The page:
The most exciting announcement during AWS re:Invent for cloud computing infrastructure foundation was Fargate. There were a slew of new announcements and I don’t want to de-emphasize the other ones too much, but this one was the most interesting to me. First, a bit of background. There’s lot of confusion on VMs, containers, and functions. Here are the differences: The key thing is that the VMs allow a server to run as one big piece (OS + whatever apps are installed), containers allow applications (which includes providing microservices, but no OS, but the underlying system beneath the container layer provides the Linux interface) to run, and serverless is a place to run code (or functions). Each stage enables slicing a workload into smaller pieces. Fargate is a system that enables you to run deploy your containers on AWS, and do so in a way that’s just as easy as getting VMs from EC2. This allows developers to ignore the setting up of infrastructure. To read the complete article, CLICK...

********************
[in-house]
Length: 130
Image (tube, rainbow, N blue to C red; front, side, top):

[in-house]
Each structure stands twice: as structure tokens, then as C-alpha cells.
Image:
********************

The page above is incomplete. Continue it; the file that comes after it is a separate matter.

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Cisco: “The new datacenter is the multi-cloud datacenter.”
Oct12

Cisco: “The new datacenter is the multi-cloud datacenter.”